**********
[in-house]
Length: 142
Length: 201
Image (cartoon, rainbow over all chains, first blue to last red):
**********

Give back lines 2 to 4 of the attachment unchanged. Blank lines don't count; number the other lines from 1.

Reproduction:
Length: 142
Length: 201
Image (cartoon, rainbow over all chains, first blue to last red):